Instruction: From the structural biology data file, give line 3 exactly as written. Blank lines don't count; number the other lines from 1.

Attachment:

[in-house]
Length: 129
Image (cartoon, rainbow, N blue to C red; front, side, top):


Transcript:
Image (cartoon, rainbow, N blue to C red; front, side, top):